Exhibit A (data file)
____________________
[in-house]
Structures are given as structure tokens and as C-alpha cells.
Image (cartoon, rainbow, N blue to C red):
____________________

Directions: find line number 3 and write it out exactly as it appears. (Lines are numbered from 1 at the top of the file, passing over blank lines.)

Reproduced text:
Image (cartoon, rainbow, N blue to C red):